Russian Election 2011 – Birthing Pains of a Real Democracy
As a son of a Russian dissident and as a former representative of the Glasnost Public Foundation to the United Nations NGO Conference, it gives me great relief to see what is happening on the streets all across the Russian Federation: A birth of a real civil society in Russia.
The coup that brought down the Soviet Union in 1991, gave promise to the Russian people for a democratic state with government of the people and by the people. However, those hopes quickly fizzled out, as the country created a ruling elite from the KGB ranks, eroded free media, and made virtually no investments in developing democratic institutions. With no institutions to uphold the rule of law, minority and human rights, and little to no prospects of growth and development for the youth, the only institution demanding and hoping for democracy is once again on display: the people.
While most pundits and journalists will focus on the inevitable election of United Russia, the party headed by Vladimir Putin, to the State Duma; the fatigue of the electorate in having to choose the same people every time; and the significant rise in the support for the opposition parties; the real winners are the people.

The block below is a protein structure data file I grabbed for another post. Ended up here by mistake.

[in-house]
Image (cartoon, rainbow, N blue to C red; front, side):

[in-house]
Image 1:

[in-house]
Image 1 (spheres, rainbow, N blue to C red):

The brave few who dared to film the election fraud at the polling stations brought the irregularities into the living rooms of anyone who has access to YouTube. The fraud was evident and very real: Erasable and disappearing ink, ballots supporting United Russia being discovered in ballot boxes hours before the opening of the polling stations, election officials filling in ballots on the side and casting them in favor of the ruling party, and many more.
We should not hold our breath for prosecution of those who are responsible or even for an investigation.
However, the message from the inside is clear: enough already. While United Russia will again have a majority in the State Duma, they have lost the two-thirds needed to guarantee constitutional amendments, a favorite tool of the executive branch. Now, partnerships with minority parties will be necessary to build enough support for legislation. In short: there is a real and legitimate check on the power of the office of the president and for the first time the opposition is empowered to deal with the Kremlin and that is a real result.
With unrest on the streets of Moscow, I hope that the government will show restraint and find ways of providing a safe environment for the protestors to vent their grievances and not resort to inciting violence by unleashing the “Nashi," the youth movement of United Russia, to incite civil war. I thank the everyday heroes of Russia for vindicating a dream that my mom fought for in coup of 1991 and I hope for continued growth of those left behind in taking ownership of their country and democracy.